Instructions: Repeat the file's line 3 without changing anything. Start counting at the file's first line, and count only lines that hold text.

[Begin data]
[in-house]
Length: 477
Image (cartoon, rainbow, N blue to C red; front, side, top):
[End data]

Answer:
Image (cartoon, rainbow, N blue to C red; front, side, top):